- Canada, the European Union, South Korea and Mexico stand to lose the most from Trump’s steel tariffs, although Canada and Mexico may be ruled exempt.
- Research from the Peterson Institute for International Economics also speculates on how US trade partners may retaliate.
Trump’s import tariffs are here.
The President confirmed this morning that the US will roll out tariffs on steel and aluminum — of 25% and 10% respectively — effective from March 23.
Research from Chad Brown at the Peterson Institute for International Economics (PIIE) provides a useful summary of which countries will be most affected.
Brown also speculated on how those countries may choose to retaliate, in accordance with World Trade Organisation (WTO) guidelines.
Brown based his calculations on data which showed the dollar value of US imports in 2017 — $US29 billion for steel and $US17 billion for aluminium.
This table below neatly summarises which nations were the largest exporters of steel and aluminium to the US last year:
Both Canada and Mexico are at the top of the list — but importantly, the US announced that both countries have been made exempt from tariffs pending the outcome of further NAFTA negotiations.
Brown also notes that the dollar value of China’s exports to the US amounted to $US976 million for steel and $US1.8 billion for aluminum — just 6% of the $US46 billion dollar total across both industries.
However, Trump’s steel tariffs may only be a drop in the ocean compared to the larger threat of a looming US/China trade war around intellectual property.
Despite all that, Brown then tried to get a picture of how the US’ various trading partners could respond to Trump’s tariffs with import restrictions of their own.
To reach his conclusion, Brown crunched some pretty serious numbers — but the end result looks like this:
Assuming Canada is exempt, Europe would be the country with approval for the highest retaliatory measures by dollar value — amounting to $US2.6 billion.
Brown’s analysis is based on what kind of retaliatory trade measures would be approved by the WTO, assuming that the WTO rules that the US tariffs are not justifiable on the grounds of national security.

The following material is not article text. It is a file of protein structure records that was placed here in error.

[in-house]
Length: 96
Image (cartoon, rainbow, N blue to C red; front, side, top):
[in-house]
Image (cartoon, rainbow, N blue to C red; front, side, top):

This is the argument put forth by the US as the basis for the tariffs, in accordance with a provision of the US Trade Expansion Act of 1962.
To establish a formula, Brown chose the US Commerce Department’s own estimates of how tariffs would reduce import volumes.
He then assumed, that in response, the relevant countries will restrict volumes by a comparative amount on US exports going the other way.
“For steel, the report alludes to an economic model that claims a 24% tariff is equivalent to an import volume reduction of 37%,” Brown said.
“For aluminum, the claim is that a 7.7% tariff is equivalent to an import volume reduction of 13.3%.”
He then extrapolated those figures against the respective tariffs of 25% and 10% — resulting in a volume reduction of 38.5% for steel and 17.3% for aluminium.
Recall from the first chart that Europe exported $US6.2 billion of steel in 2017 — so 38.5% of that amount results in a possible trade retaliation of $US2.4 billion.
Brown said that WTO rules typically gives companies discretion about what industries they apply the responding tariffs on.
Notably, the European Union said during the week that any such measures could include tariffs on products ranging from bourbon to Harley Davidson motor cycles.
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